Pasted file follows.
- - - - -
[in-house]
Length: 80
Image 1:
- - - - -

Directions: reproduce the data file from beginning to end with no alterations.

[in-house]
Length: 80
Image 1: